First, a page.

Apply "glaze" in or out of bundt pan


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If a cake recipe comes with the following instructions, do you think the glaze should be applied with the cake is still in the bundt pan? Look a the glaze recipe. That's a lot of stuff to try to make a cake soak up if you just pour it over the cake once it's out of the pan. What do you think?
  1. Grease and flour a Bundt pan or a10 x 4” tube pan.
  2. Crumble nuts in bottom of pan.
  3. In large mixing bowl put cake and pudding mixes.
  4. Add rum, water, oil, and eggs.
  5. Mix for two minutes.
  6. Bake at 325° for 50 to 60 minutes.
  7. Remove cake and pour on hot rum glaze. Don’t be alarmed when the glaze seems to affect the cakes height. It is helping the cake to settle.

    The Glaze recipe:
    • 1 cup sugar
    • One stick butter
    • 1⁄4 cup light rum
    • 1⁄4 cup water

    Yes, I know this is all about using a cake mix, but it's for serving to young men in large quantities in the military, so we're not doing scratch cakes in volume.
 
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If a cake recipe comes with the following instructions, do you think the glaze should be applied with the cake is still in the bundt pan? Look a the glaze recipe. That's a lot of stuff to try to make a cake soak up if you just pour it over the cake once it's out of the pan. What do you think?
  1. Grease and flour a Bundt pan or a10 x 4” tube pan.
  2. Crumble nuts in bottom of pan.
  3. In large mixing bowl put cake and pudding mixes.
  4. Add rum, water, oil, and eggs.
  5. Mix for two minutes.
  6. Bake at 325° for 50 to 60 minutes.
  7. Remove cake and pour on hot rum glaze. Don’t be alarmed when the glaze seems to affect the cakes height. It is helping the cake to settle.

    The Glaze recipe:
    • 1 cup sugar
    • One stick butter
    • 1⁄4 cup light rum
    • 1⁄4 cup water

    Yes, I know this is all about using a cake mix, but it's for serving to young men in large quantities in the military, so we're not doing scratch cakes in volume.
In the pan. This is a soaking syrup that the is meant to absorb, rather than an icing. I make a lemon verbena and lavender mini bundt cakes that I soak with a lemon verbena simply syrup warm from the oven while still in the bundt pan.
 
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In the pan. This is a soaking syrup that the is meant to absorb, rather than an icing. I make a lemon verbena and lavender mini bundt cakes that I soak with a lemon verbena simply syrup warm from the oven while still in the bundt pan.

Thanks. That's pretty much what I thought, but someone was telling me that I should take it out of the pan, poke holes in it, and then pour the syrup over. There was so much syrup in this recipe that not all of it soaked in, at least not in a short period of time. Should it be allowed to sit in the syrup in the pan for a more extended period or does there come a point at which no more is going to soak in?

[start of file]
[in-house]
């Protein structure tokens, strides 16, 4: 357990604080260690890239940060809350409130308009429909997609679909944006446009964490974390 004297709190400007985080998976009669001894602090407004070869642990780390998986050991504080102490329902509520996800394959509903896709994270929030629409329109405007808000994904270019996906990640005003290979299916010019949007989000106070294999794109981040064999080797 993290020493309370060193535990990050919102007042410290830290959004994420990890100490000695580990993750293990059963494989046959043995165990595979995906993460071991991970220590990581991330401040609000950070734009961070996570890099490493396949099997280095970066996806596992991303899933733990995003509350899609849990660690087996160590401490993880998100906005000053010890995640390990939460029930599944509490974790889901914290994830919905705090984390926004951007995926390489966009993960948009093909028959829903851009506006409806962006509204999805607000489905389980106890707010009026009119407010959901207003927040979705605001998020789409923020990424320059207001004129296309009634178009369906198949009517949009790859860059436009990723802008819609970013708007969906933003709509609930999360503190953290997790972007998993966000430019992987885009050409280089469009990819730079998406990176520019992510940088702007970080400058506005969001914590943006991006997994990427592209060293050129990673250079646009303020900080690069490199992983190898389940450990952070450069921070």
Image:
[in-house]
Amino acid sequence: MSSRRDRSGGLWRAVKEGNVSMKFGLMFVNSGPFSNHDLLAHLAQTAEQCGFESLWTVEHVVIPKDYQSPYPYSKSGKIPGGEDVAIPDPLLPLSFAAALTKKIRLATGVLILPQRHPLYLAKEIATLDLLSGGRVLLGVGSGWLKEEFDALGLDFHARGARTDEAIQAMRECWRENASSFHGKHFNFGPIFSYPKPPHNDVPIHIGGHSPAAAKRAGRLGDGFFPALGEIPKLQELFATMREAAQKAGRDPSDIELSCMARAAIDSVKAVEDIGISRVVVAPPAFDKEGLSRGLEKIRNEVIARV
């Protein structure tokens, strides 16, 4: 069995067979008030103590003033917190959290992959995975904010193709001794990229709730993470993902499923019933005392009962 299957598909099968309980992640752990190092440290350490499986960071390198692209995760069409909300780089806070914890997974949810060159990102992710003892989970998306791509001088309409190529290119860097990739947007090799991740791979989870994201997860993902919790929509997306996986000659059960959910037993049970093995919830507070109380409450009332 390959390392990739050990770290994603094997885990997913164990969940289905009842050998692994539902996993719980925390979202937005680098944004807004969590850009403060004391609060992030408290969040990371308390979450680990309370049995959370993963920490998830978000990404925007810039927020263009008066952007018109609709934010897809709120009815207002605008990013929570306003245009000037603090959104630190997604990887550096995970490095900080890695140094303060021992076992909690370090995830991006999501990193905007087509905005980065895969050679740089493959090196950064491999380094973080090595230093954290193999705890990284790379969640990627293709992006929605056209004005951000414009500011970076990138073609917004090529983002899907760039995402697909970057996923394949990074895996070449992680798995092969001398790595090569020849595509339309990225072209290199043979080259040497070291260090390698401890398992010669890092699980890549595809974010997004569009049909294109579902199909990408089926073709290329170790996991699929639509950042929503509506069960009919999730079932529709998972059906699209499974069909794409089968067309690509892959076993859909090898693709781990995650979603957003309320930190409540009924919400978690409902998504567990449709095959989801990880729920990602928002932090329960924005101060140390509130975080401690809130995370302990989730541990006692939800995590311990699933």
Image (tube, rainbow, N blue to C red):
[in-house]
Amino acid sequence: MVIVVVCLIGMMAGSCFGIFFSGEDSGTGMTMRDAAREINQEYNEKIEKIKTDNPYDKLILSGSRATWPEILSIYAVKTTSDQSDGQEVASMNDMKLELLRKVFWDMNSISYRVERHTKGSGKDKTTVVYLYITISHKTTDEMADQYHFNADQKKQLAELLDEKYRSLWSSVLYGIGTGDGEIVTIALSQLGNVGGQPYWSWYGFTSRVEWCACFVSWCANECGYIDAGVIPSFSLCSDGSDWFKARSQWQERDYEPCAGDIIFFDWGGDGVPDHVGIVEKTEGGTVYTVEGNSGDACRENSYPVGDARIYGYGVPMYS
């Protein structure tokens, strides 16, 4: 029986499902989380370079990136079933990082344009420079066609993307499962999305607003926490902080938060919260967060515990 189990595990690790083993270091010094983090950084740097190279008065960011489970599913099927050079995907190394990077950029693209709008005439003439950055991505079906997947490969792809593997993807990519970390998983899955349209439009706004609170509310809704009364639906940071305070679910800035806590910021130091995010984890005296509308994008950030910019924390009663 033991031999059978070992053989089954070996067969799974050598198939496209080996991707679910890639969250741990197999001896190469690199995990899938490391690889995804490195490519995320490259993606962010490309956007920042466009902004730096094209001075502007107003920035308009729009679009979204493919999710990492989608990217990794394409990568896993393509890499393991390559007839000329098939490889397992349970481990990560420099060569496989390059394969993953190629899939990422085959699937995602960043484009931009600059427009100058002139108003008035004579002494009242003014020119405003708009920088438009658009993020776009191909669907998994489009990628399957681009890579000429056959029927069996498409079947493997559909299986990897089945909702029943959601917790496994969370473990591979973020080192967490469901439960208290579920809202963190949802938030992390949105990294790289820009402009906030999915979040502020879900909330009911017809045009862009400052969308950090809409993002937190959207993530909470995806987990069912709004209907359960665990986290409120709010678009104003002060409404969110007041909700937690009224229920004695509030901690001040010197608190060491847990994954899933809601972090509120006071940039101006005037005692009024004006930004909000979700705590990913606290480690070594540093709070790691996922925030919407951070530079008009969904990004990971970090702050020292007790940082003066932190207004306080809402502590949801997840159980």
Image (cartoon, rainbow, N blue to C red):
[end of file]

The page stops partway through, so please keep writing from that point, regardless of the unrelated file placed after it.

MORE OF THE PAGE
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Thanks. That's pretty much what I thought, but someone was telling me that I should take it out of the pan, poke holes in it, and then pour the syrup over. There was so much syrup in this recipe that not all of it soaked in, at least not in a short period of time. Should it be allowed to sit in the syrup in the pan for a more extended period or does there come a point at which no more is going to soak in?
You definitely want to leave the cake in the pan. This is bundt cake called a Caribbean rum cake.

Put everything in a saucepan and bring to boil on the stove just like making a simple syrup. That will reduce and thickened it some. You don’t want it too thick, this is a soaking syrup.

Then add it to the cake in a few additions. When I make my bundt cakes I add the simple syrup in three additions. You have to give the I cake time to absorb the liquid. You can’t just dump it all in at once.

Poking holes in the cake depends on how thick your syrup is. I don’t poke holes in my Bundt cake since the Lemon verbena syrup is thin and readily absorbed into the cake. When poking holes use a thin skewer and don’t run it all the way threw the cake so the syrup does pour out.
 
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So I wanted to check a recipe to see how much glaze is normally used for the same size pan you are using.

King Arthur flour has a recipe that actually has a little bit more liquid, a half a cup rum instead of a quarter cup. So your cake should be able to absorb all that glaze.



 
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Thank you! I just took a look at your pic. You look much too young to be so knowledgeable!
lol. I’m sooo old. It’s genetics, I think and exercise. I was at the golf course last week checking in at the pro shop. I said I was waiting for my son to arrive and the young man said how old is the little lad, as he was going to charge me the child’s rate. Then my son walked in I said, “oh here he is.” And the young man said, “no he can’t be your son, you look too young.”
 

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